A year and a half ago, when I was applying to different seminaries, I spent a few days at Garrett-Evangelical Theological Seminary. While there, I heard seminary leaders speak proudly of their development of prophetic ministries, as a collective body and within their outgoing students. This initially excited me, because the phrase made me think of Pentecostalism. Whatever other faults Pentecostal theology may have, at least its adherents really, truly, believe in God as an existential reality. Friends and colleagues had warned me that this might not be the case at Garrett-Evangelical which is traditionally a bastion of Protestant Liberalism.
But I learned that we were defining 'prophetic ministry' differently. What they meant was giving political speeches ex cathedra as a church. For example, students actively protested the continuation of the notorious School of the Americas. The term has been used in a similar way by others.
Despite my earlier cautions against getting the Church involved in political issues, I think that Christians who engage in "prophetic ministries" of this sort are acting in good faith to transform the world into the Kingdom of God in their interpretation of (1) what that Kingdom will look like and (2) the means to achieve those ends. I may not agree with the degree to which they ascribe a political stand as essential for Christian fidelity, but I don't deny their sincerity.
Nonetheless, the term "prophetic" is not an accurate description of this sort of ministry. What they are doing is searching the Scriptures to discern Christian ethics and applying those ethical principles to modern Christian life and society. This is a very different approach from the ministry of the Old Testament prophets.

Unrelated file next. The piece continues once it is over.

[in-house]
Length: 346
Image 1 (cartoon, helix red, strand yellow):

Samuel, as a boy, heard the audible voice of the Lord in a tested environment. Isaiah not only heard the audible voice of the Lord, but saw an angel in his own commissioning. And Jeremiah was touched by God himself with the words "Behold, I have placed my words in your mouth."
There is a difference between the exegesis of the Scriptures to discern Christian ethics and receiving one's words directly from God. The term 'prophetic' implies 'prophets', and the prophets of the Lord were God's instruments for composing the infallible Bible. In contrast, attempts at discerning and applying Christian ethics are highly fallible.
These thoughts came to mind when, in a recent comment thread, Theresa Coleman wrote:
If we are to be prophets in our own society, how much better would voices united be rather than each singing his or her own song?
The Old Testament makes it clear that God selects who serves as his prophets. He places his words in their mouths. It would be great if were were all prophets, endowed with this high calling. But if we are not so commissioned by God, let us not do so.
All Christians, ordained and lay, should search the Scriptures, learn of God's commands, and apply them to our lives and society. But let us not take our exegetical explorations and preface them with "Thus saith the Lord" unless God specifically placed those very words in our mouths. If we imply that we are voices of prophecy, then we are suggesting that our attempts to discern Christian ethics have the infallibility of Scripture. They do not.